The missionary did not want to leave, but to stay would have meant risking not only his own life, but also the lives of his people.
Mao Tse-Tung, the communist leader of China, had ordered that all missionaries (or “spiritual aggressors,” as he called them) must leave the country immediately or forfeit their lives. Anyone who helped them would be punished—beaten, jailed or executed. Christianity had been outlawed. The Cultural Revolution had begun.
And so with a heavy heart and a few final words of comfort and exhortation, the missionary handed over his Bible to the village leaders and left the people he loved in the village by the Yellow river.
The village suffered terribly over the next forty years. There were droughts, famines and an oppressive, corrupt government. A whole generation died, and many of the young people moved away. But those that remained were faithful, even under persecution. The oldest villagers remembered the missionary and the words he taught, though they were just children when he left.
Every week the villagers would meet in secret to worship. They prayed together and sang hymns. At the end of the meeting they carefully brought the Scriptures out of their hiding place, unwrapping the layers of coverings over the Bible. Each one touched the book, but no one opened it.
None of the villagers could read.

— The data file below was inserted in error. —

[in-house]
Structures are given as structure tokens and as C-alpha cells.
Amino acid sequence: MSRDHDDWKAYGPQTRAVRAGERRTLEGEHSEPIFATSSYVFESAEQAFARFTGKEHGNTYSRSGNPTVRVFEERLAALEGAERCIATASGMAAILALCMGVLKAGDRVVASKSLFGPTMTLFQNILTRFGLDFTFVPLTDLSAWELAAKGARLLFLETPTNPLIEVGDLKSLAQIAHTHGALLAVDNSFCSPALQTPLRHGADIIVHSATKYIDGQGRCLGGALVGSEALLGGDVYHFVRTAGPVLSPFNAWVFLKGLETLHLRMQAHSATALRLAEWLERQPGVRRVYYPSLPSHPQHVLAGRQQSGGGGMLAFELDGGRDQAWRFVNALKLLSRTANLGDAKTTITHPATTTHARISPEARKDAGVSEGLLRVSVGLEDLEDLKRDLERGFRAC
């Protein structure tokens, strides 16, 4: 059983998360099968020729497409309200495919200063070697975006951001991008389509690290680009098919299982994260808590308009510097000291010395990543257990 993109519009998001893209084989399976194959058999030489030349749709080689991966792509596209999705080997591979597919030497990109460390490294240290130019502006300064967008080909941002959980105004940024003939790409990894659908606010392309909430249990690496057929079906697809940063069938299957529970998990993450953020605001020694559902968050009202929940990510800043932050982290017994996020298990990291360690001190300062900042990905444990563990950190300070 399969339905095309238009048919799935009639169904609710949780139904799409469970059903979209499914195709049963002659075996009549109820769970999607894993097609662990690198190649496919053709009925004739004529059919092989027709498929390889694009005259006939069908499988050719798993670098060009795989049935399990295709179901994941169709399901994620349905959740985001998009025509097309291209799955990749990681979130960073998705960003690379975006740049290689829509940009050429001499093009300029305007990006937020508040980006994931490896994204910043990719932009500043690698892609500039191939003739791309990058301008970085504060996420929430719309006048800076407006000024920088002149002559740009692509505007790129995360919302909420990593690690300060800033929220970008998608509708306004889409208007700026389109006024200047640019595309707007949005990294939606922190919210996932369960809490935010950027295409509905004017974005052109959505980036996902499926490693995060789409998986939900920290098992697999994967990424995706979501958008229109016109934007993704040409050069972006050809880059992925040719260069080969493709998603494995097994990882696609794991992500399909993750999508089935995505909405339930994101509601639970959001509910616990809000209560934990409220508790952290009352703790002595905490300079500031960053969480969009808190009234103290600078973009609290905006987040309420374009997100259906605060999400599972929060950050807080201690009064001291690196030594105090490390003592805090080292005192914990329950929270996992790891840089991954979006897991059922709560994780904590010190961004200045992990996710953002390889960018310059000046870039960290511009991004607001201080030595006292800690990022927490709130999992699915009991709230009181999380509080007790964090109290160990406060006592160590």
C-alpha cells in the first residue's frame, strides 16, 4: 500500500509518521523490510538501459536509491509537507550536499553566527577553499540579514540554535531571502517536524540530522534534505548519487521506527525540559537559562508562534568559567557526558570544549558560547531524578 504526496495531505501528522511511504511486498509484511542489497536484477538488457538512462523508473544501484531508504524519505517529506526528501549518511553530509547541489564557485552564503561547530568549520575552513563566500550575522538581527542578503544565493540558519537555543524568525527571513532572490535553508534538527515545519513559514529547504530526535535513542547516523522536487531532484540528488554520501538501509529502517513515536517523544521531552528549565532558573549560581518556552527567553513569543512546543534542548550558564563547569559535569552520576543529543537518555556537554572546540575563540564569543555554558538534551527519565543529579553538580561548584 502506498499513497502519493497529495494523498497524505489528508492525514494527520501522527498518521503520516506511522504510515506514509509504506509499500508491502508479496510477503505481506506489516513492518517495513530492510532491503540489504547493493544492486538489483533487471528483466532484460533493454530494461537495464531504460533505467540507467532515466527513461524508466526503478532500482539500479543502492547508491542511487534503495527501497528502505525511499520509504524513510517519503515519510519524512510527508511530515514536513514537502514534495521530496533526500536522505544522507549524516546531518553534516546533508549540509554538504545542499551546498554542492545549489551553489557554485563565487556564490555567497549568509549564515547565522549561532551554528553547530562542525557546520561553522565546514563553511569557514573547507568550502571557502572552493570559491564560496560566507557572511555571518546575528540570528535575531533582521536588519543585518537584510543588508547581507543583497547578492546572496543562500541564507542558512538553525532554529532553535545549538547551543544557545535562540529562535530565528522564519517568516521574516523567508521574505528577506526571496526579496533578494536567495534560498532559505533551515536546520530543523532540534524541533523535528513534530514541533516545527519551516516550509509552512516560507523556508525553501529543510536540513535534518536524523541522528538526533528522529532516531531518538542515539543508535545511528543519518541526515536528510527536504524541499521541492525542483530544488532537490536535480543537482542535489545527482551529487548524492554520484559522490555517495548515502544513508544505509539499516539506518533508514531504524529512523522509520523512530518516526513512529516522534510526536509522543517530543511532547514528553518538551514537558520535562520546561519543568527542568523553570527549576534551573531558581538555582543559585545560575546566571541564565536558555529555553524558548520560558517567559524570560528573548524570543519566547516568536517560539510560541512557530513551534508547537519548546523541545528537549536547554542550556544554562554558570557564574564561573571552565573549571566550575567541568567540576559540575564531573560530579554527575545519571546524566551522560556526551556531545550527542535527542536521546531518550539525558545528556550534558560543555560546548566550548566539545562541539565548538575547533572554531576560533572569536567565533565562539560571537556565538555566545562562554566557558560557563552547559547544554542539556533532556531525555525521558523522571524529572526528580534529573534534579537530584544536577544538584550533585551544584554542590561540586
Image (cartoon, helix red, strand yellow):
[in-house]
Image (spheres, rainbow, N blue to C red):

Over and over, they prayed for God to send someone to read to them.
A few hundred miles away in the crowded city of Beijing, China, it was summer break at Beida University. Wang had three whole months to do just as he pleased, and he longed for an adventure. He decided to spend his vacation bicycling along the Yellow river into inland China, so that he might observe the culture of this remote part of the world.
Wang peddled his way through six provinces, finally coming to a small village that was so very poor—even compared to the other poor villages that Wang had seen on his trip—that he was shocked. The people dressed in rags, but were friendly and willing to talk with a stranger.
When the elders learned that a college student had wandered into the village, they rejoiced. Finally, their prayers had been answered. They begged Wang to read to them, and he agreed. He had no idea what book could possibly be so important to these poor peasants, but he was happy to oblige and flattered by the attention of the people.
The entire village gathered. The elder carefully unwrapped the Bible that the missionary had entrusted to them 40 years ago. Wang began to read the yellowed pages.
Night after night, as soon as the people came in from the fields, they gathered to listen. Wang read far into the night, but each time he tried to stop, the people begged him to continue. At dawn the people returned to the fields and Wang slept, only to repeat the performance again that evening.
Wang read that God created the world. He read that mankind sinned, and lost fellowship with God. He read about God’s perfect law, and man’s inability to keep it. He read about the need for a sacrifice, and about the promise of a perfect sacrifice for sin. Wang read how that promise was fulfilled in the birth of God’s own Son, Jesus, and about His perfect atoning sacrifice on the cross. Wang read about the resurrection, and about appropriating eternal life through faith.
Wang believed what he read, and he was never the same. As he bicycled back to Beijing at the end of his break, he knew that these poor villagers who had nothing had given him everything.
Story adapted from an account in A Heart for Freedom, by Chai Ling, pages 40-41